Maui County’s new mayor and council officially took office Monday before a packed audience of local residents and state dignitaries who showed up for New Year’s Day ceremonies.
More than a thousand Maui County residents and government leaders from across Hawaii crowded into the Maui Arts & Cultural Center Monday night, where Mayor Richard Bissen delivered his first address as the county’s top leader. The retired judge vowed to bridge divisions in the community and uphold his campaign promises to provide housing for local families, improve the island’s water supply, protect the environment and lead an administration focused on “good governance”.
“We are ready to get to work while being mindful of the needs of our diverse communities,” Bissen told the crowd.
Earlier this morning, the council chambers were packed with citizens and elected officials, including Gov. Josh Green and Lt. gov. Sylvia Luke, who traveled to Maui for the swearing-in ceremony. Eight council members took the oath of office, while the ninth member — former Council Chairwoman Alice Lee of Wailuku, Waihee and Waikapu Districts — was barred from taking office due to a legal challenge to her election. A decision is pending before the Hawaii Supreme Court.
The six council members who were re-elected to two-year terms are Gabe Johnson of Lanai; Tasha Kama from Kahului; Tamara Paltin of West Maui; Molokai’s Keani Rawlins-Fernandez; Shane Sinenci from East Maui; and Upcountry’s Yuki Lei Sugimura. The two newcomers are Tom Cook, who won the South Maui seat, and Nohe U’u-Hodgins, who won the Makawao-Haiku-Paia district.
The eight council members unanimously elected Kama, the Kahului representative, to chair the council. During the campaign, Kama was supported by a variety of groups from across the community’s political spectrum, from the progressive Maui Ohana Candidates Group to the Maui Hotel & Lodging Association PAC.
“Councilor Kama has received broad support from all of our community members, and we serve them here,” said Molokai’s Rawlins-Fernandez.
Although council members control the purse strings and make county laws, it is the mayor—and the county government as a whole—that initiates new programs and guides local government on Maui, Molokai and Lanai on a day-to-day basis.
During his first address as mayor, Bissen vowed to focus his administration on “wise and responsible spending” while ushering in a new focus on innovation. He told the crowd that his government will set up a new “Office for Innovation” that will focus on tackling climate change issues, moving the community towards food sovereignty and developing renewable energy sources.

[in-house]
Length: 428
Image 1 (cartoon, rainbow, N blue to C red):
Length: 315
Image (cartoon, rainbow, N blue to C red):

Bissen, elected by an overwhelming 60% of the vote over incumbent Michael Victorino, vowed to break the polarization that has plagued the government and commit to forging partnerships to bring together the diverse communities of Maui, Molokai and Lanai to serve. He said his view of the world was shaped by his upbringing as he was raised by Hawaiian parents. As mayor, he told the crowd, he will build on the belief that the collective community is more important than the individual.
“Ancient knowledge and practice have always been here. We just weren’t listening,” Bissen told the crowd. “We can learn so much from our kupuna and the people with local knowledge.”
The Missing Council Member
County election officials have not issued an election certificate for Lee because of the lawsuit. The Wailuku-Waihee-Waikapu race was the closest in the November election, with Lee leading her challenger Noelani Ahia by about 500 votes.
After the election, more than 30 local voters, including Ahia, sued Maui County alleging that the county election official mishandled approximately 800 ballots.
Maui County has opposed the lawsuit, arguing that the concerns raised in the lawsuit are not valid grounds for anyone to contest election results.
But even if the Hawaii Supreme Court rules in favor of the district, it could still be months before the Wailuku Council seat is resolved. Hawaii state law states that election results cannot be certified until election disputes have been resolved and the appeal period has expired.
Because the lawsuit raises concerns about federal election laws, voters have 90 days to appeal to the U.S. Supreme Court to hear the case, according to their attorney. What will happen in the meantime is unclear. Maui County’s charter, the document that serves as the local government’s constitution, states that the council may appoint someone to serve as a temporary councillor. If the council does not do so within 30 days, the mayor may appoint someone to fill the vacancy.
In an interview, Lee said the lawsuit had “no merit.”
“We believe this is a very frivolous case,” she said. “We expect a positive verdict.”
But in the meantime, she said, she hopes the situation will be resolved as soon as possible.
“It’s going to be difficult to have eight members on the council — an even number — that’s why we have nine,” Lee said.
Civil Beat’s coverage of Maui County is supported in part by grants from the Nuestro Futuro Foundation and the Fred Baldwin Memorial Foundation.